Reflection: Presentation styles

At this point I don’t have an opportunity to attend any new exhibitions in KL. The arts and culture scene is not the same as I was accustomed to in Liverpool. Also my current home situation leaves me limited to explore further afield. However I have written about all of the exhibition and arts events I was able to attend prior to May 2019.

There is a lot of variety in scale and disciplines to the events I have attended. The most photography specific one was Shape of Light at the Tate Modern. This survey on abstraction in art and photography was an inspirational starting point for both BoW and CS. In BoW it was the variety of ways people have explored abstraction which gave me a point of entry. Most of the work is confined to a white cube and constrained within a frame behind glass. I found through my other, more interactive interests such as contemporary sculpture, an area that perhaps compared to the darkroom, hasn’t been as fully explored. The lack of Korean photographers prompted a subject I have pursed throughout CS, the impact of globalisation and Korean photography. I have said before, institutions such as Tate have their value, especially in being able to bring together such vast collections. But there are limitations to them also, which I reflected on visiting Tate Liverpool back in April. Too often, attempts to make the white cube seen as something more interactive can only work if the viewer partakes in something more than simply new cosmetics.

I found a sound installation by Emma Smith at HOME, Manchester to be a more engaging way to make the white cube an interactive space. But this is also down to the artists practice being, by nature, participatory. When I visited Toronto last year, I was able to attend Edward Burtynsky’s new exhibition Anthropocene at the AGO (Art Gallery of Ontario). Burtynsky is one of those photographers whose work can dominate a white cube sufficiently so the viewer can remain focused on the image space throughout. This leaves him open to criticism, along with many other contemporaries who produce large-format prints with gallery as destination in mind. But in his case I think there is a case for the white cube being a functional space. Particularly as now he collaborates with other disciplines such as video and AR.

Two festival events I wrote about are the Liverpool Biennial and LightNight. The biennial I found at times frustrating, but I sense that the point of them is to challenge the viewer. The open space work and events seem to make biennials more inclusive. Again I believe the white cube institutions fail here because a lot of work is not capable of occupying a space well enough. It is often low budget work that I feel gets lost and incapable of creating a presence. This can be true at times in public art spaces, like I noted in the CFCCA (Centre for Chinese Contemporary Art). What makes these spaces more engaging is that they offer artist residencies. This is an exclusive state for the artist, however the social utility comes from the workshops the artist in residence might provide during their time. The event that I found most inclusive was LightNight. Because it is a fixed date in the city calendar, it allows for many unofficial events to blend in to the ‘official program’ set up the the established institutions. This is a way my interventions could be undertaken by my own invitation, knowing there will be an active audience in the public space during the time of installation.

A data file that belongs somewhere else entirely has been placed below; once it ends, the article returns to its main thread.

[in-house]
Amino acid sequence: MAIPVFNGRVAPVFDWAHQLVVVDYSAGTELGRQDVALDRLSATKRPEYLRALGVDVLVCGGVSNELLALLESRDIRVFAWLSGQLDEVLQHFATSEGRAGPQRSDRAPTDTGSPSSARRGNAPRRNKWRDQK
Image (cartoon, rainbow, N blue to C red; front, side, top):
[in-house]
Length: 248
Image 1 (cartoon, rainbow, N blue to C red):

When recently asking my feedback network for thoughts on how my BoW could operate in the real world, the more interesting approach discussed might be to perform a demonstration, or attend a residency. To create an event that reflects on site-specificity and responding to the environment. I think my BoW is something that accumulates case studies that are documented digitally. But to experience it, an event or residency in a white cube could be far more interesting than say document prints on a white wall.